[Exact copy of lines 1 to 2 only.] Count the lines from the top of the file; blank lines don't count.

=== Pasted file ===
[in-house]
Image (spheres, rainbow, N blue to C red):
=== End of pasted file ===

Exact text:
[in-house]
Image (spheres, rainbow, N blue to C red):